Liuan Huska writes on the intersection of environment, culture and religion, and is a board member of A Rocha USA. Huska is the author of “Hurting Yet Whole: Reconciling Body and Spirit in Chronic Pain and Illness.” Her reporting and essays have appeared in Christianity Today, Borderless, Grist, Spirituality and Health, The Christian Century, BioLogos and on NPR’s Here and Now. She is a regular columnist for Sojourners magazine and a fellow with the Religion and Environment Story Project. Huksa received an M.A. in social sciences from The University of Chicago and a B.A. in anthropology from Wheaton College.
You’ve probably heard the term “throwaway society,” a way of life driven by the production of more and more things that we use up quickly and throw away. When most of the objects we use are disposable, we easily apply this mentality to other aspects of our lives. Are relationships “disposable”? Is the church I attend “disposable”? Is the marsh in our neighborhood “disposable”?
In Genesis, we see that God made humans in his own image (1:27) — part of creation, yet somehow set apart, having “dominion” over creation. “Dominion” has often been interpreted to mean “domination,” as if we can do whatever we want to the planet. And humans throughout history have certainly exploited the planet for our consumption, as if we were the only ones that mattered.
Our Place on Earth
But a closer, fuller interpretation of the Bible tells a different story about humans and our place on earth. Starting with Genesis 1–2, we see that God lovingly and purposefully created the world. God imbues creation with his own creativity, empowering humans and other creatures as partners in the work. God calls creation good.
Then, in Genesis 9, after Noah’s flood, God makes an everlasting covenant with the earth and its creatures. Later in Job (38–42), we see a breathtaking vision of God as maker and sustainer of the universe, where even things that appear to be “wild, repugnant, and dangerous,” such as the Leviathan (sea monster), have a place.
Finally, in Revelation (21–22), we see a vision of God’s good future, which includes the city of God coming down — God making his home among us — and a renewed heaven and earth. Within the arc of the entire biblical story, we get a sense of God’s ongoing love for the things he has made, and his desire to see creation thrive, not be destroyed.
The meaning of “dominion,” if we understand Jesus to be the truest example, is one of service. “For Jesus, to rule is to serve. To exercise dominion is to suffer, if necessary, for the good of the other,” writes religion professor Steven Bouma-Prediger. This definition of true ruling illuminates God’s further call to humans in Genesis 2:15 to “work and keep” the earth. In other words, humans are called to serve and protect the earth.
A Gift Economy
Have you ever been in an apple orchard during harvest season or stumbled upon a Juneberry tree heavy with sweet, ripe fruit? When we receive these gifts — from God and not of our own making — our hearts fill with gratitude. Gratitude, in turn, fosters relationship and responsibility. We receive the gifts of the earth, and we are compelled to ask, “What can we give in return?” We want to nurture as we are nurtured.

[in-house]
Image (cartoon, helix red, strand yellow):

A gift economy, writes Robin Wall Kimmerer in her book “Braiding Sweetgrass,” stands against our modern market economy, where there is no gratitude in the exchange, only a sense of “I bought this. I deserve it.” Receiving God’s good gifts spurs us to share. The abundance is not just for us, to be stored away as security for the future in an act of isolated independence. When we share in the abundance, we build relationships of reciprocity, forging deeper security as an interdependent community.
Kimmerer tells the story of an anthropologist who asked a hunter in the Brazilian rainforest where he would store the meat from a sizable kill that was more than his family could eat. The hunter was puzzled by the question.
Store the meat? Why would he do that? Instead, he sent out an invitation to a feast, and soon the neighboring families were gathered around his fire, until every last morsel was consumed. This seemed like maladaptive behavior to the anthropologist, who asked again: given the uncertainty of meat in the forest, why didn’t he store the meat for himself, which is what the economic system of his home culture would predict. “Store my meat? I store my meat in the belly of my brother,” replied the hunter.
The immensity of our ecological problems can be overwhelming, leading to paralysis and despair. One place to start is with honest reflection on our own beliefs and practices. Our culture of consumption forms in us a “disposable mentality” and a sense of being in competition with the rest of the natural world.
This paradigm assumes we live in scarcity and, as a result, must hoard what we have, accumulating more and more. But, through the creation story, we understand that the living world is filled with God’s extravagant gifts.
Our habits reflect the truth we believe and the stories we tell. What stories are we telling in the ways that we treat the things God has given us? Are we lockstep with the “throwaway society”? Or do we live in a way that recognizes an abundant, good world that God wants to restore with us?
This article was adapted from Au Sable Institute’s “Liturgies of Restoration Workbook” available at AuSable.org/liturgies.